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Montreal Families

Gazing at winged creatures

From the early-morning chirping of tiny sparrows to the plaintive cry of circling seagulls, we encounter birds every day. For children, these encounters can be particularly special as they are just beginning to discover these winged creatures. Beyond simply learning about birds, bird watching is a great way to show children how to carefully observe the world around them. For example, the distinct notes of a bird’s song or the colour of the tips of its wings all help with identifying it. By becoming more attuned to these small details, children will develop a keen curiosity and a profound admiration for the beauty of their natural environment. Here are a few books that can help your children to get started on their bird watching adventures. And maybe these books will also make a young person more aware of and engaged in trying to protect the natural environment of these majestic creatures.

Usborne Discovery BirdsUsborne Discovery: Birds (Usborne Books, $10.95)
by Gillian Doherty – Ages 6-9

Before children launch into their bird watching adventures, they may want to learn more about birds in general and what makes these flying animals so special. The book introduces various types of birds and the habits that make them unique, such as nest building and laying eggs. The book is easy to understand and well-illustrated, giving children a clear visual of what is being explained. It provides an excellent starting point for any budding birdwatcher so that he/she can gain a fundamental understanding of birds.

Backyard BirdsBackyard Birds: An Introduction (Scholastic Books, $9.99)
by Robert Bateman – Ages 6-10

Canadian artist and naturalist Robert Bateman has made a career of capturing the beauty of wildlife on canvas. In this book, he shares his love of birds, especially ones we’re likely to see in our own backyards such as doves, sparrows, cardinals and blue jays. For each, he provides interesting facts such as the weight of the bird, its wingspan and a description of its song. He also includes some information about the distinct qualities of birds such as their migration patterns and their cycle of life. The book is full of beautiful and inviting illustrations done by Bateman that will make it easy and exciting for children to spot the same birds from the book in their own backyard.

The Bird Watching Answer Book (photo above – Storey Publishing, $18.95)
by Laura Erickson – Ages 7-10

Any young budding bird-watcher will begin to have loads of questions about the birds they are observing, questions that may not be so easy to answer. If you are a parent being bombarded by bird questions of the strangest kind, then this book is a wise investment. It comes from the Cornell Lab of Ornithology (the study of birds), a non-profit organization that is affiliated with Cornell University in Ithaca, New York. In the book, author Laura Erickson provides answers to hundreds of the most frequently asked questions about birds. She addresses the whole spectrum of bird behaviour and life, answering even those really tough questions such as the number of feathers on a bird and why a bird perched on an electrical line doesn’t get electrocuted. The book has a particular emphasis on how to protect birds and their habitats, which is especially important if young birdwatchers want to continue to pursue their newfound interest for years to come.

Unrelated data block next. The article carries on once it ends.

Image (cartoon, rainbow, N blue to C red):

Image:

Audubon First Field Guide BirdsAudubon First Field Guide: Birds (Scholastic Books, $9.99) – Ages 7-10

The Audubon Society has existed for more than 100 years, striving to preserve the natural habitats of birds. It is named after famed ornithologist John James Audubon, who took it upon himslf to draw and catalogue the birds of America, a work he published in sections between 1827 and 1838. This small tome is a fitting legacy to Mr. Audubon. Although it replaces drawings with photographs of the birds, the book offers large and clear images, rich in details, of North American species of birds. The biggest strength of this book lies in its detailed description of individual bird types, which has enabled the Audubon society to raise awareness and interest about these feathered friends for more than a century.

Bird watching resources

Birdwatchers have seen 192 different species of birds at the Botanical Gardens, which encourages visitors to try out birding by offering information and tips on the website www.museumsnature.ca

To find a bird watching club near you, visit the website of the Regroupement Quebec Oiseaux, www.quebecoiseaux.org, where you’ll find contacts for the many clubs in the province as well as information about bird watching.

The Bird Protection Society of Quebec organizes bird watching field trips throughout the year. Its website, www.pqspb.org, includes information about these trips as well as on bird watching in general.

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